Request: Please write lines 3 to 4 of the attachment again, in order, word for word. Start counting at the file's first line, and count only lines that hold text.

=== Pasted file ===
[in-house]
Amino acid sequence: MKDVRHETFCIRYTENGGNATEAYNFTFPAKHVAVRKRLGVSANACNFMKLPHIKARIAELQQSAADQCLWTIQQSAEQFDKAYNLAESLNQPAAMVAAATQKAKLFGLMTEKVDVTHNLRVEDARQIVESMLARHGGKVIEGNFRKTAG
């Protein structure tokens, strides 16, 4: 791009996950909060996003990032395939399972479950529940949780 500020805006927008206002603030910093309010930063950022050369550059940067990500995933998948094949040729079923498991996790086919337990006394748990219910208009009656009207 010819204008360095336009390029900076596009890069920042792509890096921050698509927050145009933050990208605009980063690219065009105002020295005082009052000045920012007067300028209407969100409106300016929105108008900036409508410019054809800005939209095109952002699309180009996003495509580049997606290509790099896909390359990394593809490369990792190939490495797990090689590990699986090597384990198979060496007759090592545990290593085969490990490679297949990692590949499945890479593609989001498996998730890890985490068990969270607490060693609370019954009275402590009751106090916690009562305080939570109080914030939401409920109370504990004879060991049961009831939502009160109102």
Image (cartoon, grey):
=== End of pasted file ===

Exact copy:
């Protein structure tokens, strides 16, 4: 791009996950909060996003990032395939399972479950529940949780 500020805006927008206002603030910093309010930063950022050369550059940067990500995933998948094949040729079923498991996790086919337990006394748990219910208009009656009207 010819204008360095336009390029900076596009890069920042792509890096921050698509927050145009933050990208605009980063690219065009105002020295005082009052000045920012007067300028209407969100409106300016929105108008900036409508410019054809800005939209095109952002699309180009996003495509580049997606290509790099896909390359990394593809490369990792190939490495797990090689590990699986090597384990198979060496007759090592545990290593085969490990490679297949990692590949499945890479593609989001498996998730890890985490068990969270607490060693609370019954009275402590009751106090916690009562305080939570109080914030939401409920109370504990004879060991049961009831939502009160109102």
Image (cartoon, grey):